How To Get Subtitles On Your Digital Movies

How To Get Subtitles On Your Digital Movies

Subtitles on movies are easily accessed on DVD, but if you’re ripping or downloading, things get a bit tougher. Here’s how to include subtitles woth all your digital movies, regardless of where you’re getting them.

For this process, we’ll utilise our favourite DVD ripping tool Handbrake, because it’s easy to use and free. Let’s get to it, starting with ripping your DVDs with the subtitles included.

Rip Subtitles With Your DVDs


By default, Handbrake doesn’t include the subtitles when you rip DVDs so it can keep the ripped movie’s file size small. Thankfully, it’s really easy to keep the subtitles on when you rip the DVD:

  1. Put your movie in your disc drive and wait for Handbrake to scan it.
  2. Click over to the “Subtitles” tab.
  3. You have two different options here. Select the language you want, and then the “Burned In” checkbox to lock the subtitles to the movie, or select Closed Captions from the drop-down list to get the subtitles in the original language of the film.
  4. Click “Start” and you’ll rip the movie.

That’s essentially it. There are a few quirky exceptions with certain DVDs, so check out Handbrake’s subtitle wiki for more information if you need it.

Add Subtitles To Other Digital Movies


If you don’t have the disc, fear not: you can still add subtitles to the movie file. You’ll just need to find the subtitles online. For this we’ll be using Handbrake again.

  1. Search for the movie’s subtitles online at Opensubtitles or Subscene (you have other options, but we’ve had the best luck with these two) by searching for the movie’s name and the language you’d like. You’re looking for a SRT file (other subtitle formats exist but SRT is best for Handbrake). When you find the file, click the name to download it.
  2. In Handbrake, click the “Subtitles” tab.
  3. Select, “Add External SRT” and find the subtitle file you just downloaded.
  4. Click “Start” to add the subtitles to the movie.

It’s a simple process, but it can take a little trial-and-error to find the right subtitles, so don’t expect to always get the right subtitles on the first shot. If you have a massive collection you’d like to add subtitles to, we like Filebot as a way to automatically seek out and add any missing subtitles to your movie library.


  • if you use XBMC just press the subtitles button. It searches the net and presents you with a list of possible matches. click the one you want and away you go!

    • Cool! thanks for that tip.
      Might look at throwing out the wdlive and getting something to run xbmc.

      Does it download the subs to a local drive or stream them live?

      • XBMC has a whole bunch of really useful features, and is easily extend-able. There are plugins for just about every conceivable purpose.

        I run it in on an Ubuntu HTPC, that also serves up: a Samba server (it’s also the ‘NAS’ for the house), an Apache server, an ftp server, a Calibre book server, and a Transmission server (for downloading Linux distros, of course!)

        Best thing ever!

        • Can I ask, do you have a tutorial, or can you link to some on how to get a setup like that? I’ve run xbmc on a linux machine before, but I had no idea it was practicable to run all that stuff at once. Also, out of curiosity, what kind of machine are you running it all on?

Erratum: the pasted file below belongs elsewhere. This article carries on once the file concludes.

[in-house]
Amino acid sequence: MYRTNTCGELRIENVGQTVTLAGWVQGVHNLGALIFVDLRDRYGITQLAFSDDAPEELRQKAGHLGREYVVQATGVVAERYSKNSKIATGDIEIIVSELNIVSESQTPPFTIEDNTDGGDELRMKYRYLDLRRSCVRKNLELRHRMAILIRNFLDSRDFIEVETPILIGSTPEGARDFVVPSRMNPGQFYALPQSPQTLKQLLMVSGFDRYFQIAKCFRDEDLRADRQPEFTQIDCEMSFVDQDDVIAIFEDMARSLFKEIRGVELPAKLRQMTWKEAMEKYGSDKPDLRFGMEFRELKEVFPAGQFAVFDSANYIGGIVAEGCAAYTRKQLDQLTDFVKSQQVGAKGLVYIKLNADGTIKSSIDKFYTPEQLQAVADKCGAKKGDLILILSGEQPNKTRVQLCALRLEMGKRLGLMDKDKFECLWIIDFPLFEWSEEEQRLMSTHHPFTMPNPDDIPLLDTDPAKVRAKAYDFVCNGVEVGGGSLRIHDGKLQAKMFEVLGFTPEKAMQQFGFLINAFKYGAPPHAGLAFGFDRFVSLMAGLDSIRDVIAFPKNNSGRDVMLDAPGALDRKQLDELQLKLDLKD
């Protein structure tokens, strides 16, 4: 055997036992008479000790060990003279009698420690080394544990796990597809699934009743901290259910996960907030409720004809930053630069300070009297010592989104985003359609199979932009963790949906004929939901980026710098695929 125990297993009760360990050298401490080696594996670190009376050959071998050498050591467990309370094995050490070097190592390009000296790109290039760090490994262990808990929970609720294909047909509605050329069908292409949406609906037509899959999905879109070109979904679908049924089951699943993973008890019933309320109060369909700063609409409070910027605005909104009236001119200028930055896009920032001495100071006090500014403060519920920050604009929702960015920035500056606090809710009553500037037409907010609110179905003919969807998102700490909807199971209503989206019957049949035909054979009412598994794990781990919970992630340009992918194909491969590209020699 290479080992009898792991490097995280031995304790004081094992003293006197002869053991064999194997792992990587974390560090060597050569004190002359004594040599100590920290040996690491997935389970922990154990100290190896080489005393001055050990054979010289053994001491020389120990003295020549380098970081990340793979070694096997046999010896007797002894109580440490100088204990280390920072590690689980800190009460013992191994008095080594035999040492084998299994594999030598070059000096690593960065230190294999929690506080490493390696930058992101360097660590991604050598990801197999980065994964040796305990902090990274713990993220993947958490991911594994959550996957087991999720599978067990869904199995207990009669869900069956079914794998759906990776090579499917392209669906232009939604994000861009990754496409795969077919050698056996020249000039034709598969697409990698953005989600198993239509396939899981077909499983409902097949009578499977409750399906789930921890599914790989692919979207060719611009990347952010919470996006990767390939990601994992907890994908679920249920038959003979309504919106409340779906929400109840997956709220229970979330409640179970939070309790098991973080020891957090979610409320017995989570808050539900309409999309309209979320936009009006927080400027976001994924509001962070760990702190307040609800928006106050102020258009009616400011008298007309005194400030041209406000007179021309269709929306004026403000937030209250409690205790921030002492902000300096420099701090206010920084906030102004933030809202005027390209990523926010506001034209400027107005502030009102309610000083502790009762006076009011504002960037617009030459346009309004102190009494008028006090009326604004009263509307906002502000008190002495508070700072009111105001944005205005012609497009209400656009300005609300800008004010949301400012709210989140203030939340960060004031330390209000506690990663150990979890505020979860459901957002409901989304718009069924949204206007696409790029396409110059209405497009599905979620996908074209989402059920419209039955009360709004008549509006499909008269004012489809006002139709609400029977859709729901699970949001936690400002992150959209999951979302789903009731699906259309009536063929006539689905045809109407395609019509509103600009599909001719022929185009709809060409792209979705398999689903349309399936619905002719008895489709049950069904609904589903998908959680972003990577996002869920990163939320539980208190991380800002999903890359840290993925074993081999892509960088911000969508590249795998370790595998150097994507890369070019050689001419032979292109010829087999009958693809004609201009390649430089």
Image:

• I was a total Linux n00b till about two years ago. My desktop PC was around 4-5 years old, and XP was running soooooo slow that I couldn’t really play games on it. I’d built it myself, and was really attached to it, so I thought that I’d re-purpose it as a home server/media centre. It’s running:
            1. A 2007 Intel Core2 Pro-Duo
            2. NVIDIA GT9500 about the same age
            3. Two 1tb SATA drives
            4. A digital HD TV tuner
            5. 500W psu

            The beautiful thing about unix type systems is the modular nature of the software and the low system overheads. I started with a vanilla install of Ubuntu 12.04. For each type of server I just installed the software, and it’s all free. Free I tells ya. You sometimes do have to spend a few hours messing around with txt files to configure some of the servers, but it’s more tedious than hard. The PC running on Linux is super quick though. Quicker than it ever was on Windows, even brand new. Boot time is around 30 seconds, but I only turn it off for maintenance.

            For example, for the samba install, start with sudo apt-get install samba or go to the Ubuntu software centre. I went with vsftpd and apache for ftp and web servers, because they were the best documented that I could find.

            Tutorials for each are available from :
            1. XBMC’s home page –
            2. Youtube
            3. Canonical’s Ubuntu forums/help documents. –

            The guys on the Ubuntu forums were really helpful. It’s a great community over there. I drop by every now and then to give back a little.

  • Any tips on places to find accurate subs? I recently downloaded subs for a french film and the two subs were not the same (slight differences in phrasing etc.). Where do the different translations come from? Obviously reading a shonky translation is going to detract from the film.

    • Not so relevant to French, but it’s worth remembering that some languages, like Japanese, can’t be directly translated to English, so there’s always some degree of personal interpretation on the part of the translator.

  • I’m more interested in getting dubs. As in for childrens animated movies (Disney).

    iTunes Australia only sells in English, and iTunes Finland only sells in Finnish. Why can’t they let us buy one, and choose what to download?

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